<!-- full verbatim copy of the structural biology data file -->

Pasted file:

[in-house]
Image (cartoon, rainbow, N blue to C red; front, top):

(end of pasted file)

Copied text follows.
[in-house]
Image (cartoon, rainbow, N blue to C red; front, top):